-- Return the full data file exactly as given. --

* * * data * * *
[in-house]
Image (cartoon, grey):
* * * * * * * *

[in-house]
Image (cartoon, grey):